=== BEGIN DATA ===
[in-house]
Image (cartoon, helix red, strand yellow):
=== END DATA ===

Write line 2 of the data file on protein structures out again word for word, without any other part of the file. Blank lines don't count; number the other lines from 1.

Image (cartoon, helix red, strand yellow):